for conservation. In particular, it focuses on greater protection
of the oceans and marine habitats.
Mongolian Przewalski Horse
Examples of endangered species and threatened habitats that are the
focus of IUCN programs
IUCN has a growing program of partnerships with the corporate sector
to promote sustainable use of natural resources. Globally, IUCN
collaborates with Black Mountain Mining, Nespresso, Rio Tinto,
Sakhalin Energy Investment Company Ltd, Shell, Shell Petroleum
Development Company of Nigeria, Ltd., the International Olympic
Committee, Natural Capital Coalition, Renova Foundation, Tiffany
World Business Council for Sustainable Development
World Business Council for Sustainable Development and
At the national and regional level, IUCN also works with Marriott
International in Thailand, the Zambezi Valley Development Agency
(ADPP) in Mozambique, Minh Phu – the largest shrimp exporter in
Vietnam, Xingzhitianxia Media Company in China, the Secretariat of the
Southern Agriculture Corridor of Tanzania (SAGCOT), Tata Steel in
India, Engro Elengy Terminal (Pvt) Ltd in Pakistan, to name a few.
National and international policy
On the national level, IUCN helps governments prepare national
biodiversity policies. Internationally, IUCN provides advice to
environmental conventions such as the Convention on Biological
CITES and the Framework Convention on Climate Change. It
UNESCO on natural world heritage.
It has a formally accredited permanent observer mission to the United
Nations in New York. According to its own website, IUCN is the only
international observer organization in the UN General Assembly with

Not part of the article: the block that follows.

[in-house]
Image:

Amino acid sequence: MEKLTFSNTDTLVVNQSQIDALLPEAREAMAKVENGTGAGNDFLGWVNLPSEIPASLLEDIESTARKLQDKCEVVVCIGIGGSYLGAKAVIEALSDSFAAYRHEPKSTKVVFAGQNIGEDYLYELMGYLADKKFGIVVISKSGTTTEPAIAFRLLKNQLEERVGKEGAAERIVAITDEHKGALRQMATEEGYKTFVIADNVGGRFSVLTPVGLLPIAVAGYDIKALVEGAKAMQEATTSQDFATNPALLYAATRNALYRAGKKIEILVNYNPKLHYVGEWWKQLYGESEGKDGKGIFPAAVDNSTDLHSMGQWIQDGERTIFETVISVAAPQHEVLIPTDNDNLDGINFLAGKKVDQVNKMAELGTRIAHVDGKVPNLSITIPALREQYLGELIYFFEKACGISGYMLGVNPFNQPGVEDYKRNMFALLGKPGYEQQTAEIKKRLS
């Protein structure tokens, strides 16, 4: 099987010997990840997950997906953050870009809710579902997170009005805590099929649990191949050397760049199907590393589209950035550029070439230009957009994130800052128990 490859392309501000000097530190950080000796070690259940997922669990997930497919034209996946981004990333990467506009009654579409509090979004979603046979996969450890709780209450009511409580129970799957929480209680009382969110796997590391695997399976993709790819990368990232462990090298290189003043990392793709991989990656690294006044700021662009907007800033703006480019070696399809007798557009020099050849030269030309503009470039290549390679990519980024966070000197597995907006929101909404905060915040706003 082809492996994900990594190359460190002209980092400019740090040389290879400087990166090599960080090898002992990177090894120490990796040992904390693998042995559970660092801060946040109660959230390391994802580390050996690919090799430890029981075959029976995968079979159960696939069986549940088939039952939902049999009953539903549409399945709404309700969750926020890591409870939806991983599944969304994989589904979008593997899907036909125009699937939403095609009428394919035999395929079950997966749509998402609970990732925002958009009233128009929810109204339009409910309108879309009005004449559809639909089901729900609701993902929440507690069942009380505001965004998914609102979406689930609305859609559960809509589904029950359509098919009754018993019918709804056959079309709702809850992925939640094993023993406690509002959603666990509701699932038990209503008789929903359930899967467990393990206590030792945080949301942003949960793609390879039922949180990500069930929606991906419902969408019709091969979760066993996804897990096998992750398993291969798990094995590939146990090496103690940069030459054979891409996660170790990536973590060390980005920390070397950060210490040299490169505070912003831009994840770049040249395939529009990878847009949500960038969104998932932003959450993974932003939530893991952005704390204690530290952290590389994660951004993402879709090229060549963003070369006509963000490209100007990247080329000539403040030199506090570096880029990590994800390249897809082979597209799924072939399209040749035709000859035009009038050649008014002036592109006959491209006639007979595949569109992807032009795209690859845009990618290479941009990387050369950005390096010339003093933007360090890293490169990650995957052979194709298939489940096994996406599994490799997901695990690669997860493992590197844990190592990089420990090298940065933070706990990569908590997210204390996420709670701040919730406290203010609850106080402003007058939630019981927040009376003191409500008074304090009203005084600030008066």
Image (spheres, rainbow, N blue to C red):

expertise in issues concerning the environment, specifically
biodiversity, nature conservation and sustainable natural resource
IUCN has official relations with the Council of Europe, the Food and
Agriculture Organization of the
United Nations (FAO), the
International Maritime Organization
International Maritime Organization (IMO), the Organization of
American States (OAS), the
United Nations Conference on Trade and
Development (UNCTAD), the
United Nations Environment Programme (UNEP),
World Conservation Monitoring Centre (UNEP-WCMC), the United
Nations Educational, Scientific and Cultural Organization (UNESCO),
World Intellectual Property Organization
World Intellectual Property Organization (WIPO) and the World
Meteorological Organization (WMO).
As an organization, IUCN has three components: the member
organizations, the six scientific commissions, and the secretariat.
IUCN Members are states (making IUCN a supranational GONGO),
government agencies, international nongovernmental organizations,
national nongovernmental organizations, and indigenous peoples’
organisations. In 2017, IUCN had 1400 members. The members can